We’re involved in several very high profile matters at the moment, each with thousands of hours of audio, some of it in multiple languages. And I sat through a project team meeting today where we were discussing the set of search terms that one of the law firms had developed to start running against these audio files.
What transpired during this meeting is so common I thought I would pass it along. You see, quite understandably, the law firm that developed the search terms took them directly from the same set of terms that had been developed for the email search. But the reality is that people tend to speak very differently than they write, so I spent a good thirty minutes going over the search terms and providing suggestions to shrink the list and make it more realistic.
Confidentiality prevents me from using any of the real terms from this case, but here are some illustrative examples:
- People don’t talk like they “text”. You’ll never (well, seldom) hear someone actually say “LOL” or “TTFN”. (Although I have been known to say “WTF” from time to time!) Granted, these aren’t likely to be meaningful search terms themselves, but other such contractions that may be used in emails between traders will have another spoken equivalent.
- Proper names, especially people’s names, tend to morph quite a bit in spoken form from what you may see in email. Around the office people call me “Der Schlueter” with a really bad German accent. But I can’t remember the last time anybody used either Jeff or Schlueter in an email. Names are often omitted because the recipients are assumed based on the addresses used.
- Certain types of information have only one form in which they would typically appear in text, but could be spoken in many different ways. Numerical data is like this. Somebody may purchase 1,900 shares of a security, but the trader might say “one thousand nine hundred” or “nineteen hundred” which in an audio search are two totally different constructs.
During the course of the aforementioned meeting, one of the review team leaders finally came up with the suggestion that I had been hinting at all along. Which is that, instead of spending a lot of time THINKING about what the search terms should be, the better approach is to simply start searching with a few of the most realistic and highly probable terms that will bring up the responsive files. Then start listening to these files, and getting a better understanding of the language used and which terms will be the most relevant for searching.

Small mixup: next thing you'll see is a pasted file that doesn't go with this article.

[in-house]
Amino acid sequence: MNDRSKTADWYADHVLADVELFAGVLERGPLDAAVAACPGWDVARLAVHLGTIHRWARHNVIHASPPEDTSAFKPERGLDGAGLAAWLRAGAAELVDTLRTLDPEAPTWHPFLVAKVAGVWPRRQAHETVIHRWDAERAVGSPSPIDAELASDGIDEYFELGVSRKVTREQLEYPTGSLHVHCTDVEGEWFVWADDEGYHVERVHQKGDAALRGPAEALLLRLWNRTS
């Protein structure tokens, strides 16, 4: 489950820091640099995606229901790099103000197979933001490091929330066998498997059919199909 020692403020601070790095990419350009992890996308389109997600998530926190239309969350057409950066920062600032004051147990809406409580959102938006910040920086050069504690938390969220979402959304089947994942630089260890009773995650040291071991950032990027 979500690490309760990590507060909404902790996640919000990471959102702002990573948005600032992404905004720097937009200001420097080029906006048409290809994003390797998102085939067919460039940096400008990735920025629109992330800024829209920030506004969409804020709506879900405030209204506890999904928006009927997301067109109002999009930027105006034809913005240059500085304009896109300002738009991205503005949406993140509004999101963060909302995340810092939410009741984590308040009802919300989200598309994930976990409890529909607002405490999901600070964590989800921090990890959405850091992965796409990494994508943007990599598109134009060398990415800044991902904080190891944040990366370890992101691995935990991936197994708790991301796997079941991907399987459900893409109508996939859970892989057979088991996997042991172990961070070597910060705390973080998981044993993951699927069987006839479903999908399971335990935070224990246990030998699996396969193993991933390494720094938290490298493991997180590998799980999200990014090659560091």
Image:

You don’t have to listen to hundreds of hours to do this. In my experience, listening to just one hour of different calls for each major custodian will give you a great idea of the best terms to use. Develop the term list from there, do some searching, and listen to some more. You may come up with another set of terms that you can then add to your search criteria and iterate through again. This iterative process is what will help you round out your search term list and be confident in the results.
Many audio discovery projects are fairly straightforward. You may have a few hundred or a thousand hours of recorded calls or voicemails and you just need to load them all up and search through them interactively to find what’s relevant, responsive, privileged, or otherwise noteworthy.
But we see some audio projects that start out at a GARGANTUAN stage. Maybe it’s a Regulatory request, or an overly zealous opposing counsel that asks for every recording ever made. Whatever the reason, we sometimes see projects that start in the tens of thousands of hours, and even a few that looked to be over 100,000 hours. While it would certainly be lucrative for us to process and host all that audio, the fact is, even with mondo-discounting the price would still rise to the level that some might consider “unduly burdensome.”
Enter stage right: Data culling in audio discovery is here to save the day!
Two years ago the buzzword was Early Case Assessment. Now it’s shifted to Predictive Coding or Technology Assisted Review. Whatever you call it, the process is essentially about using a rules-based approach to screen through content and identify the files that are most likely to be on-target. And this can work as well with audio discovery as it does with our text-based relative.
In our experience, culling data for audio discovery takes two forms:
- Expression based
- Voice Activity based
Expression-based culling is much the same as what you do with textual documents. You simply identify the phrases or concepts that are likely to point to content of interest, and you run these against the full file set to identify your targets. If you’ve read my earlier posts, you know about the differences between searching text and audio, specifically as it relates to precision vs. recall. One of the big challenges with expression-based culling is to identify the optimal thresholds that will maximize the precision vs. recall trade-off. After all, with the culling process you are pulling files out of the mix that won’t be easily available for further review, so you need to be careful. Make sure you or your vendor is using statistically valid methods to test your culling criteria.